Saturday, September 18, 2010
Umi Grill And Sushi Bar
So as many of you probably know, there is a culinary treasure here in Terre Haute that I haven't reviewed yet. I'm not really an expert on sushi, and I've only been there once. I thought maybe I could use the prospect of writing a review to weasel into another trip there, but that doesn't seem to be working, so I'll review with what I have.
First, you need to understand that far more knowledgeable folk than I, have argued that Umi Grill is a stand out even among restaurants specializing in sushi. They are the recent revisioning (in 2009) of restaurant called Sushi Umi, that was founded in 2003. Here is Chowhound's rather famous 2005 review of them, entitled "Is the best sushi restaurant in America in Terre Haute?" He suggests, well, no but it's in the top dozen. (As a side note, that review was written by a Gary Alan Fine who appears to be the same Gary Alan Fine who wrote a classic book on the sociology of Role Playing Games from 1984, that I have constantly drawn insight from, and cite in a forthcoming publication. He later did a lot of sociology work on the culture of professional kitchens and started doing amateur food reviews after that). Similarly my best sushi-expert friend, who we actually ate with on the one occasion I've managed to have a real meal at Umi Grill, seconded the opinion that this restaurant was head and shoulders above the other sushi restaurants she's eaten at. The chef at Umi Grill is chef Qi, a Chinese chef from Shanghai, trained in Japanese cuisine in Indianapolis.
For my part, I've eaten sushi on many occasions, but am nothing like an expert and have only rarely been to places that specialized in it. Nonetheless, Umi Grill Sushi Bar was a clear step up from anything I've ever had before. We let our expert friend order for us, and we ordered and split a whole bunch of different things. In fact at least 2 of the things we ordered weren't on the menu, and I remember them being my favorite favorites that night (I think, red dragon rolls, and some kind of scallop thing; the asparagus tempura rolls were pretty good too). One of the comments on the Chowhound review mentions ordering things that aren't on the menu, too. And, for all that, the menu is pretty long. All of the sushi was good, and we had several quite different bundles, both in flavor and presentation. I'm not certain what set this sushi apart from other sushi I've had either, but it did clearly seem to be in another category. The place itself was elegant, and the service good, and the bill was steep, but we were really just focused on the food which was varied, surprising, refined, balanced, almost sharp. A precise effect, followed by another different precise effect. California chef Thomas Keller argues that high end food should be only a few bites of one thing, and then a few bites of something quite else, with a meal of many small servings. When you want comfort food, or familiarity, or connection to family, friends and tradition you eat large servings of a few emotionally-laden foods, or even stuff yourself silly with large servings. Think Thanksgiving or pasta dinners. But when you want to focus on the food, rather than using good food as a tool to enhance socialization or ritual, then you need many small precise and varied doses. Sushi is one of the few foods that I think is habitually eaten according to this ideology in the States (although tapas also work that way in some places I suspect).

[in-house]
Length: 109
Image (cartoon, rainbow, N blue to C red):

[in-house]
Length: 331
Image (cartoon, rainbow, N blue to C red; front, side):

I've never had the "grill" section of Umi Grill Sushi Bar, if someone has please make a comment about it. However, I will also say that Umi has a little fish store attached to it, that is open odd hours, but at which you can get excellent take-out that isn't too expensive when it is open. Umi Grill Sushi Bar, and its associated fish store, are
just one more reason I'm proud of Terre Haute.